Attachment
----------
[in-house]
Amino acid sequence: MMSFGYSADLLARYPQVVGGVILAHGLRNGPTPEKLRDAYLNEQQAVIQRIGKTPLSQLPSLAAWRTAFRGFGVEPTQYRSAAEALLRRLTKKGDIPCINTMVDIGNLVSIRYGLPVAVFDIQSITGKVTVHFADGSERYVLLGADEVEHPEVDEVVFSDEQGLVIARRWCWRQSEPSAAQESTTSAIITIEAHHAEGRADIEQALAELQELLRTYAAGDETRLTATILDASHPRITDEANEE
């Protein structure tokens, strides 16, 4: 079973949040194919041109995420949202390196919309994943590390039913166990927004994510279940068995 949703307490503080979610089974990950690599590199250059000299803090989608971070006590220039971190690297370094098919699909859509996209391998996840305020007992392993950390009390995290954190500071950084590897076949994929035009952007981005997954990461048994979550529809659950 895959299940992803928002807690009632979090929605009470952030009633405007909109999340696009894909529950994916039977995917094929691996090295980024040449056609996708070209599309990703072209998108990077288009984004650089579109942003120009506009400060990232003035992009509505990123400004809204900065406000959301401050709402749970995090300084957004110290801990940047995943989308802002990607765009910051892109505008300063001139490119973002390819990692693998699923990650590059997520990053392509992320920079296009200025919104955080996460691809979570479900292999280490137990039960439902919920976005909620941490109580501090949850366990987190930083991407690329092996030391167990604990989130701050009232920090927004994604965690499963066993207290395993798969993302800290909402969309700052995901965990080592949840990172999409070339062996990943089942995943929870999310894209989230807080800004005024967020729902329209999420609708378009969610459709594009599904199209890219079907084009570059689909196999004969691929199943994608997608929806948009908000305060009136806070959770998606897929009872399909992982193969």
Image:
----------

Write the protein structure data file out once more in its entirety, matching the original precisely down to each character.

[in-house]
Amino acid sequence: MMSFGYSADLLARYPQVVGGVILAHGLRNGPTPEKLRDAYLNEQQAVIQRIGKTPLSQLPSLAAWRTAFRGFGVEPTQYRSAAEALLRRLTKKGDIPCINTMVDIGNLVSIRYGLPVAVFDIQSITGKVTVHFADGSERYVLLGADEVEHPEVDEVVFSDEQGLVIARRWCWRQSEPSAAQESTTSAIITIEAHHAEGRADIEQALAELQELLRTYAAGDETRLTATILDASHPRITDEANEE
């Protein structure tokens, strides 16, 4: 079973949040194919041109995420949202390196919309994943590390039913166990927004994510279940068995 949703307490503080979610089974990950690599590199250059000299803090989608971070006590220039971190690297370094098919699909859509996209391998996840305020007992392993950390009390995290954190500071950084590897076949994929035009952007981005997954990461048994979550529809659950 895959299940992803928002807690009632979090929605009470952030009633405007909109999340696009894909529950994916039977995917094929691996090295980024040449056609996708070209599309990703072209998108990077288009984004650089579109942003120009506009400060990232003035992009509505990123400004809204900065406000959301401050709402749970995090300084957004110290801990940047995943989308802002990607765009910051892109505008300063001139490119973002390819990692693998699923990650590059997520990053392509992320920079296009200025919104955080996460691809979570479900292999280490137990039960439902919920976005909620941490109580501090949850366990987190930083991407690329092996030391167990604990989130701050009232920090927004994604965690499963066993207290395993798969993302800290909402969309700052995901965990080592949840990172999409070339062996990943089942995943929870999310894209989230807080800004005024967020729902329209999420609708378009969610459709594009599904199209890219079907084009570059689909196999004969691929199943994608997608929806948009908000305060009136806070959770998606897929009872399909992982193969």
Image: